BILL BYRNE: Life after retirement from politics
BILL BYRNE’S only complaint these days is the weather when it’s a bit too rough to go fishing – leaving him “trapped ashore”.
The former Member for Rockhampton is now living a life of leisure, spending quality time with his wife Kim and their grandchildren.
This month marks two years since Bill stepped down from politics leaving the door open to Barry O’Rourke to take his place and retain the blue ribbon Labor seat for Rockhampton.
Bill was also a member of the Queensland Cabinet as the Minister for Agriculture and Fisheries and Minister for Rural Economic Development.
He stepped down after advice from his doctor due to cardiovascular issues.
Speaking to The Morning Bulletin this week and reflecting on retired life; Bill says he is fulfilled and content.
“It feels like a lot longer than two years; feels like a long, long, long time ago for me,” he said. “I am incredibly comfortable and happy with my life at the moment.
“I am being a grandfather, fishing, gardening, cooking, enjoying going socialising with old Army colleagues on the odd occasion.
“I am doing the exercise I have always wanted to do. I get an enormous amount of joy about swimming 30 or 40 laps down at the pool.
“It got to a point with blood pressure if I didn’t do something about it I was riding the stroke zone.
“As of the last 12 months my blood pressure is completely normalised for a guy my age.
“And I have done a lot to do that. I have changed my life fundamentally. I got healthy, gave up cigarettes and I now drink one per cent of what I did before.”
He calls himself a “domesticated grandfather” as he is now the chef of the house.
He has taken over all of the kitchen duties even including the grocery run.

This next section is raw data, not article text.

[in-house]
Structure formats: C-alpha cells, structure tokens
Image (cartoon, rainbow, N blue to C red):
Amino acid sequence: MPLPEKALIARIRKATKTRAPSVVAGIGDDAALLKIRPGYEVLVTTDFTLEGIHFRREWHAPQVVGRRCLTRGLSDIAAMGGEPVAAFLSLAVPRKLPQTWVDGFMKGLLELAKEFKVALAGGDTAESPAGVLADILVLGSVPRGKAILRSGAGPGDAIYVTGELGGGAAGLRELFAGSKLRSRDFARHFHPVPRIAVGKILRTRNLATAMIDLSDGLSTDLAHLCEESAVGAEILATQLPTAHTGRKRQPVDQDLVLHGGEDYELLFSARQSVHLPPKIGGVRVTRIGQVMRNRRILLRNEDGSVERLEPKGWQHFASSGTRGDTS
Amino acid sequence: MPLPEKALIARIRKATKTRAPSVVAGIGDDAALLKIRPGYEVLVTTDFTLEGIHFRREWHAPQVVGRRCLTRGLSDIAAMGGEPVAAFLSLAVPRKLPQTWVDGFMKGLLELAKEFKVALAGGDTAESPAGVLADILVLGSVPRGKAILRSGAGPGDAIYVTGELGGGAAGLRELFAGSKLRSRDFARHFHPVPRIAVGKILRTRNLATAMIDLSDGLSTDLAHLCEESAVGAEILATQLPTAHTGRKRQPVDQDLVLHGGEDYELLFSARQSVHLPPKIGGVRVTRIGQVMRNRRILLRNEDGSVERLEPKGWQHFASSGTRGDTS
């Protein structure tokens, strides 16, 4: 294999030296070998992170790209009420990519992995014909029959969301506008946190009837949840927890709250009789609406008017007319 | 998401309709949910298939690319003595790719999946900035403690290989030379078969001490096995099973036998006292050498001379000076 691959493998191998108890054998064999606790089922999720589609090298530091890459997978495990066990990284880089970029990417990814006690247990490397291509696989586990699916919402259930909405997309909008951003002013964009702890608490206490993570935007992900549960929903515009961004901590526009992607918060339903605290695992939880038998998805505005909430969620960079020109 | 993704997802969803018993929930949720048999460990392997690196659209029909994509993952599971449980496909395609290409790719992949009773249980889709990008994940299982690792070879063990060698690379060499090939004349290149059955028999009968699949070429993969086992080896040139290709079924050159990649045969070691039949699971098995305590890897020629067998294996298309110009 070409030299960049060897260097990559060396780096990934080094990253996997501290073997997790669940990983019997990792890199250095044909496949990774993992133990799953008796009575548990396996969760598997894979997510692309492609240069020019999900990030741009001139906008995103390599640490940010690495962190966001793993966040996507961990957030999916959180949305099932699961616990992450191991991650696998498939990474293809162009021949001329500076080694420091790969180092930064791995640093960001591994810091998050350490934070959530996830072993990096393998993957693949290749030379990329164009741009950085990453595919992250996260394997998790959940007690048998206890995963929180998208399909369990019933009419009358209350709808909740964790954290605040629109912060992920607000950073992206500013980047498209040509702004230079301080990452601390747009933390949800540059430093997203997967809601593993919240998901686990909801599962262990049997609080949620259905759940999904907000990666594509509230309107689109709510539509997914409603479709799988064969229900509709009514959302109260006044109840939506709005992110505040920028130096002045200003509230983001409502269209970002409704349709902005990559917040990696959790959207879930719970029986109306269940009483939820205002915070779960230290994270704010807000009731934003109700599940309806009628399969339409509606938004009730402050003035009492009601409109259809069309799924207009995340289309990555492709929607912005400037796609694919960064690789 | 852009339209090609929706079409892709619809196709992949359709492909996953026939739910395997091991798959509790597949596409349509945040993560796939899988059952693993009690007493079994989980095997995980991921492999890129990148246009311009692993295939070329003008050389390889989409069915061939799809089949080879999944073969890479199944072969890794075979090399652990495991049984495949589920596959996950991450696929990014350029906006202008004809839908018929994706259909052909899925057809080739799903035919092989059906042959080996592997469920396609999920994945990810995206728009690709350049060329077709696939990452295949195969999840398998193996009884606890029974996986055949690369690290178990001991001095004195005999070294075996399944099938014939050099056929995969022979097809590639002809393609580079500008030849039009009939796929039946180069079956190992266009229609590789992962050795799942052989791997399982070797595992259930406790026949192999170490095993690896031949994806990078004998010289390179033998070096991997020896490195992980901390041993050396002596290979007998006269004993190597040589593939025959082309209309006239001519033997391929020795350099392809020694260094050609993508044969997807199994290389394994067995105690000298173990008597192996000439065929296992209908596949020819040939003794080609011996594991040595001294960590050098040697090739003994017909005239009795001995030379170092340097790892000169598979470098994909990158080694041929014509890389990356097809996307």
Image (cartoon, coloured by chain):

Last week he was proud of a nasi goreng dish he made with authentic ingredients, but his real speciality is fresh fish and salad.
“Kim used to say to me for many, many years, ‘What do you want for dinner?’ and I said, ‘I didn’t care as long as it’s good.’ Now it’s me asking every morning,” Bill said.
“I find it (cooking) really therapeutic.
“It’s surprised me how much Kim appreciates it. If only I’d known how useful a bloke being handy around the kitchen was in a relationship I might have taken it on years ago.”
He attributes his happiness to what he is focused on at the moment and part of that is being a devoted grandfather.
Bill didn’t want to be an “absent grandfather”.
“They (the grandchildren) give me an enormous amount of joy,” he said.
He has two grandchildren so far, Wyatt and Isla, and there is another on the way, due early in the new year.
“I hope to be a better grandfather than I was a father,” he said.
He’s also been able to take up one of his greatest passions – fishing.
Since retiring he bought the fishing boat he had always wanted and heads offshore fishing quite frequently.
Bill is revelling in the side scans, fish finders and sonars in today’s world.
“Some of the technology you get on fishing boats now is incredible,” he said.
He will take what he can reel in but red emperor and coral trout are his favourite fish to catch.
“I am spending a lot of time over the horizon fishing and with the grandchildren,” he said.
“I’m happy. The only thing I am cranky about is it’s just been a little bit too rough in the last couple of weeks to go out fishing and the fin fish closures have been in for a few days for the offshore fishing, so I have been trapped ashore.
“My boat’s in the shed and I am not able to go out and catch some fish for dinner.”
As for politics and asked if he would come back, Bill said he “never says never”.
“I pay very little attention to politics generally,” he said.
“If you’ve led people or commanded a unit, once you’ve left that position, you don’t go back there.
“I take a fair bit of interest in the goings-on. You don’t do what I did without taking an interest, but I am not interested enough to be wanting to shape public opinion.”
But what he does miss is the community interaction – being able to do good for constituents.
“A lot of what you do is a social worker. It might sound weird but people come into your office usually at the end of their rope, they have had a lot of things go against them and in some cases we are the last port of call,” he said.
“Sometimes you can help those people; not always.
“When you do manage to improve someone’s situations, that is a reward in itself.”